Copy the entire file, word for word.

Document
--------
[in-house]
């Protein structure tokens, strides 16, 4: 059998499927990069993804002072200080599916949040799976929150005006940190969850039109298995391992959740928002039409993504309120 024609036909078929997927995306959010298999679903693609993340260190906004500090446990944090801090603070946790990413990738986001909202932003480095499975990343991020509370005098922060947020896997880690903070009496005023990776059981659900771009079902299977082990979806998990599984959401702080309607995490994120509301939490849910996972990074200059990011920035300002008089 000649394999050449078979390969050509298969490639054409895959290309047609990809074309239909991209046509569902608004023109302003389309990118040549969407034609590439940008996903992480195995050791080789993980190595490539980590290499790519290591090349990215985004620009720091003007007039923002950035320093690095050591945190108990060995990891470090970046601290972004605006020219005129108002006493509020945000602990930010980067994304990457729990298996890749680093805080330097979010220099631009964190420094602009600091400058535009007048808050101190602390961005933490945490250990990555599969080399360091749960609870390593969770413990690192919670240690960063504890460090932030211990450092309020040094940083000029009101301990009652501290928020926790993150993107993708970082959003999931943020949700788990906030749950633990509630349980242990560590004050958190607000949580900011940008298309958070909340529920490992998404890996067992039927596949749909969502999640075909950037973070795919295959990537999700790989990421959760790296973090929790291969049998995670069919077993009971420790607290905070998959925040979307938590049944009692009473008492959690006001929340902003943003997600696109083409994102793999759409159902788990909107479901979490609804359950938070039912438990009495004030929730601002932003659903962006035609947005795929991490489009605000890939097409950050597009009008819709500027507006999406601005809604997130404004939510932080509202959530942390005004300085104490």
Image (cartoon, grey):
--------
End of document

[in-house]
């Protein structure tokens, strides 16, 4: 059998499927990069993804002072200080599916949040799976929150005006940190969850039109298995391992959740928002039409993504309120 024609036909078929997927995306959010298999679903693609993340260190906004500090446990944090801090603070946790990413990738986001909202932003480095499975990343991020509370005098922060947020896997880690903070009496005023990776059981659900771009079902299977082990979806998990599984959401702080309607995490994120509301939490849910996972990074200059990011920035300002008089 000649394999050449078979390969050509298969490639054409895959290309047609990809074309239909991209046509569902608004023109302003389309990118040549969407034609590439940008996903992480195995050791080789993980190595490539980590290499790519290591090349990215985004620009720091003007007039923002950035320093690095050591945190108990060995990891470090970046601290972004605006020219005129108002006493509020945000602990930010980067994304990457729990298996890749680093805080330097979010220099631009964190420094602009600091400058535009007048808050101190602390961005933490945490250990990555599969080399360091749960609870390593969770413990690192919670240690960063504890460090932030211990450092309020040094940083000029009101301990009652501290928020926790993150993107993708970082959003999931943020949700788990906030749950633990509630349980242990560590004050958190607000949580900011940008298309958070909340529920490992998404890996067992039927596949749909969502999640075909950037973070795919295959990537999700790989990421959760790296973090929790291969049998995670069919077993009971420790607290905070998959925040979307938590049944009692009473008492959690006001929340902003943003997600696109083409994102793999759409159902788990909107479901979490609804359950938070039912438990009495004030929730601002932003659903962006035609947005795929991490489009605000890939097409950050597009009008819709500027507006999406601005809604997130404004939510932080509202959530942390005004300085104490």
Image (cartoon, grey):